What do you think when you receive correspondence liberally strewn with exclamation points? Do you think you are reading something from an elementary aged student? a teenager? Though the overuse and abuse of exclamation marks had crossed my mind previously, I hadn’t really thought too much about it until a recent hike with my family. While on vacation visiting extended family in the Blue Ridge Mountains of North Carolina, we hiked a few trails, including three trails at Chimney Rock.
Ascending stairways we were surprised by the switchbacks but observed interesting geological formations and noticed we encountered fewer people (good thing since the path was narrow now) than we had on our previous climb with the family. Up, up, up we climbed with my eleven year old in the lead turning and stopping often to offer words of encouragement that we were “almost there.” That’s the tricky thing about this switchback climb—we thought we were almost there the whole time. I began to ponder the name Exclamation Point and the fact that I should have known the hike would be steep, with such a name.
Alas, we made it to the top and my eleven year old agreed to have his picture made with me—saying it was worth it since I hiked all the way up with him.
Let’s think about exclamation points. Generally we use them as punctuation to emphasize a point or to command something, and we are taught to use them sparingly in writing. So, what’s been happening in electronic communications? Some contend we utilize exclamation points to soften our writing and convey a more friendly tone. Does it work? Maybe. Does it impress the reader? That depends upon what or who we are trying to impress. If I am trying to convey a professional tone, I would argue that it doesn’t actually impress anyone to see an abuse of exclamation marks. When we overuse them, it takes away the power of using them for emphasis. However, if I am emailing or using social media informally, exclamation points can be an efficient way to soften the tone or convey excitement. Though, I still try to monitor my use of them.
Following the hike with my family, I decided to take it upon my nerdy self to ask around and to analyze punctuation use and/or abuse for a week. Here’s what I did.
1) I posted this statement to friends on Facebook: friends, especially writer and reader friends, please share your thoughts on exclamation points. What you see below is what a few of my Facebook friends, names removed, shared.
THEY MAKE THE UNIVERSE GO ROUND JUST LIKE CAPSLOCK ENTHUSIASM!!!!! No, but seriously. No one ever needs more than one at a time, and they should be used sparingly. (And never in conjunction with a question mark.) There are other ways to write in a way which creates a feeling or voice of excitement or enthusiasm. Also, if you are writing something at a professional level, you'd do better to leave them off (unless it's fiction dialogue). I think, though, in emails and social media someone's constant use of !!! can be overlooked as just a part of their way of writing.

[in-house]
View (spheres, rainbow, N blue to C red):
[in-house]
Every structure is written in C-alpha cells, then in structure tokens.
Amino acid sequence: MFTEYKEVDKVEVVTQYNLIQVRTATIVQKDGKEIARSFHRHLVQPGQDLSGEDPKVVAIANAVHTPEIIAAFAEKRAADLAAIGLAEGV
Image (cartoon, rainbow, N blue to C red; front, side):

Exclamation points will be my downfall, I'm afraid. When corresponding by email or text, I know the reader cannot see me to observe how excited or passionate I am about my subject. I add exclamation points to try to convey my emotions, but find that too many of my sentences end with them.
They should be used very sparingly. In fiction, only in dialogue. In non-fiction, almost never. There is no situation in any writing where more than one should be used. If you need them often, you should work on being a better writer.
We tend to use them too much.
If a person lives through a heart attack the worst kind and it is a true story is that good enough? (This one is from my mom who is writing about a recent “widow maker” heart attack she miraculously survived).
An indication of passion about a situation or topic. Tend to be overused! Lol :)
I analyzed exclamation point use in my recent copy of The New Republic magazine, July 12, 2012. It was the perfect issue to conduct this little analysis because an entire article was devoted to language use and technology. In How Technology Remakes Language by John McWhorter, there are 5 exclamation points in a one page article. Those exclamation points worked without lessening the quality of writing because the subject matter of the article was informal and the author made a valid point about the trends in language that come and go just as he urged uptight readers to “hashtag chill out."
3) I wrote one paragraph of this blog post utilizing some of what I learned during two activities stated above. You can see it here-- same words, different punctuation. Which version of the paragraph version do you prefer—the one above or the one here?
Ascending stairways we were SURPRISED by the switchbacks but observed interesting geological formations and noticed we encountered fewer people (GOOD thing since the path was narrow now) than we had on our previous climb with the family! Up, up, up we climbed with my eleven year old in the lead turning and stopping often to offer words of encouragement that we were “ALMOST there!” That’s the TRICKY thing about this switchback climb—we thought we were ALMOST there the whole time. I began to ponder the name Exclamation Point and the fact that I SHOULD have known the hike would be STEEP, with such a name!!!
So, readers, what do YOU [sic] think?